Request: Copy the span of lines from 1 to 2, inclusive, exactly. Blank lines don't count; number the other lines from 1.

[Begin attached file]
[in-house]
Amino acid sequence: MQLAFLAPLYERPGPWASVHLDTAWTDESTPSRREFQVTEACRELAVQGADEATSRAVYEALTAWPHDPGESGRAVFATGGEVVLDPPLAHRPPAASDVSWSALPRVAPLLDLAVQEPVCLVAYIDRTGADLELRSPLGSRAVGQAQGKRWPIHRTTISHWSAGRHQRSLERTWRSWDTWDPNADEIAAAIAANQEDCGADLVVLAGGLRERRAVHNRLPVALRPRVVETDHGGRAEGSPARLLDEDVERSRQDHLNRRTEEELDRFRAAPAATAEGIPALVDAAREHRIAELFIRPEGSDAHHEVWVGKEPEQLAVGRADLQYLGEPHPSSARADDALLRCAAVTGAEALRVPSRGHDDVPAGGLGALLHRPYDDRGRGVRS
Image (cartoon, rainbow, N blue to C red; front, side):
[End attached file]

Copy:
[in-house]
Amino acid sequence: MQLAFLAPLYERPGPWASVHLDTAWTDESTPSRREFQVTEACRELAVQGADEATSRAVYEALTAWPHDPGESGRAVFATGGEVVLDPPLAHRPPAASDVSWSALPRVAPLLDLAVQEPVCLVAYIDRTGADLELRSPLGSRAVGQAQGKRWPIHRTTISHWSAGRHQRSLERTWRSWDTWDPNADEIAAAIAANQEDCGADLVVLAGGLRERRAVHNRLPVALRPRVVETDHGGRAEGSPARLLDEDVERSRQDHLNRRTEEELDRFRAAPAATAEGIPALVDAAREHRIAELFIRPEGSDAHHEVWVGKEPEQLAVGRADLQYLGEPHPSSARADDALLRCAAVTGAEALRVPSRGHDDVPAGGLGALLHRPYDDRGRGVRS